Page 1:Intel's Mainstream Z77 Express Goes High-End
Page 2:Panther Point's Thunderbolt Connection
Page 3:ASRock Z77 OC Formula
Page 4:Z77 OC Formula Software
Page 5:Z77 OC Formula Firmware
Page 6:Asus Sabertooth Z77
Page 7:Sabertooth Z77 Software
Page 8:Sabertooth Z77 Firmware
Page 9:ECS "Golden Board" Z77H2-AX
Page 10:Z77H2-AX Software
Page 11:Z77H2-AX Firmware
Page 12:Gigabyte GA-Z77X-UP5 TH
Page 13:GA-Z77X-UP5 TH Software
Page 14:GA-Z77X-UP5 TH Firmware
Page 15:Intel DZ77RE-75K
Page 16:DZ77RE-75K Software And Firmware
Page 17:MSI Z77A-GD80
Page 18:Z77A-GD80 Software
Page 19:Z77A-GD80 Firmware
Page 20:Test Settings And Compatibility
Page 21:Benchmark Results: 3DMark 11
Page 22:Benchmark Results: PCMark And SiSoftware Sandra
Page 23:Power And Heat
Page 25:Picking The Right High-End Z77 Board
We discussed our firmware problem on the software page, if only to say that recovering from bad overclocking settings is easier to do from software. But part of the problem was that we are testing this board with old firmware.
The firmware shipping with current Z77H2-AX samples was developed way back in June. But that’s not the version we used. Our motherboard round-up invitation specifically states that, in order to keep things fair, we use the most recent firmware version published on each vendor's support page. This is to avoid special optimizations for review sites. This stuff does happen, folks. ECS didn’t publish its June firmware, though, and the only version found on its support page is from March. This is particularly problematic for an ECS board, because the company's infamous stuck-BIOS issues are often solved in its later firmware updates.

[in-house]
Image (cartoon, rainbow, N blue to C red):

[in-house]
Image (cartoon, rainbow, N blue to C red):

Giving ECS the opportunity to update its site after our deadline wouldn't have been fair to the vendors who submitted their products with official firmware versions right out of the gate.
A CPU Voltage setting of 1.150 V got us to a little over 1.2 V at idle, and changing the CPU Vdroop setting to Disable allowed voltage to climb to 1.25 V under load. This was the only way we could get to our target load voltage without running an excessively-high idle voltage.
In spite of our relatively low idle voltage, the board was still able to run our CPU at its 47 x 100 MHz setting. That’s not quite 4.7 GHz however, since the board’s actual base clock is 99.78 MHz.
We had to leave Intel's Turbo Boost technology enabled to reach a higher multiplier. But setting the ratio to 47x caused the CPU to jump from 1.6 GHz at idle to 4.7 GHz under load.
The Z77H2-AX doesn’t let you fine-tune memory from XMP mode, but the board retains previously-set timings when entering manual mode. Entering Manual mode from Auto mode makes SPD values your baseline, while entering Manual mode from XMP mode makes those timings stick as well. Because of that, we were able to start our DRAM overclocking effort without configuring primary, secondary, and tertiary controls by hand.
- Intel's Mainstream Z77 Express Goes High-End
- Panther Point's Thunderbolt Connection
- ASRock Z77 OC Formula
- Z77 OC Formula Software
- Z77 OC Formula Firmware
- Asus Sabertooth Z77
- Sabertooth Z77 Software
- Sabertooth Z77 Firmware
- ECS "Golden Board" Z77H2-AX
- Z77H2-AX Software
- Z77H2-AX Firmware
- Gigabyte GA-Z77X-UP5 TH
- GA-Z77X-UP5 TH Software
- GA-Z77X-UP5 TH Firmware
- Intel DZ77RE-75K
- DZ77RE-75K Software And Firmware
- MSI Z77A-GD80
- Z77A-GD80 Software
- Z77A-GD80 Firmware
- Test Settings And Compatibility
- Benchmark Results: 3DMark 11
- Benchmark Results: PCMark And SiSoftware Sandra
- Power And Heat
- Picking The Right High-End Z77 Board